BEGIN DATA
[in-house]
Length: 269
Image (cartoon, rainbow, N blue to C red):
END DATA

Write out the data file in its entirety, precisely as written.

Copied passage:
[in-house]
Length: 269
Image (cartoon, rainbow, N blue to C red):